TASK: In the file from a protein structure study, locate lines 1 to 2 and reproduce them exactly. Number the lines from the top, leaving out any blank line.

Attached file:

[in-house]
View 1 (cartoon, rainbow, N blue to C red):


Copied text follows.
[in-house]
View 1 (cartoon, rainbow, N blue to C red):